What does a degree from an elite institution get you? Maybe not as much as you think, Jeff Guo argues in the Washington Post's "Wonkblog."
While graduates of elite colleges tend to earn more money over the course of their career, it is not clear if the trend is a case of cause and effect. Stacy Dale, an economist with the research firm Mathematica, and Alan Krueger, a Princeton University economist, have published several studies on the topic.
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Some of Dale and Krueger's findings are predictable: High school students with comparable academic records who attended more selective institutions ended up earning more after college graduation. But that frame of analysis doesn't account for other factors—like extracurricular activities and recommendations—that colleges use to select applicants, Guo explains.
Chicken and the egg
Seeking that additional nuance, Dale and Krueger identified students who were admitted into elite colleges and then compared those who matriculated against those students who decided not to attend. "[S]tudents didn't seem to suffer by attending less-selective schools," Guo writes. "Apparently, an acceptance letter from Stanford was as good as attending Stanford."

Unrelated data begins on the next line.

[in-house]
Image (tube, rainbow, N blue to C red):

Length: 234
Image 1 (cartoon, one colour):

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Notably, these findings only applied to white students. Blacks and Hispanics from less educated families seemed to gain significant earnings increases from attending a selective school. But Guo hypothesizes that the difference couuld caused by the expanded social network that elite schools allow graduates to tap into.
Jonathan Wai, a psychologist at Duke University, examined the issue from a different angle, examining how well-represented graduates of elite institutions are in elite professions, like billionaires and senators. Not surprisingly, American elites were much more likely to have attended elite schools.
For instance, they made up about 41% of federal judges and 45% of billionaires. But Wai draws a paradoxical conclusion from the data. Top schools don't make people smart and successful—the students who got in were predisposed to success to begin with. "If you look at colleges with the highest SAT scores, those students are likely in the top 1% of cognitive ability," he observes.
Guo's ultimate takeaway: for the brightest students, "attending an 'elite' institution probably won't have much impact on [their] future earnings" (Guo, "Wonkblog," Washington Post, 11/27; Leonhardt, "Economix," New York Times, 2/21/2011).
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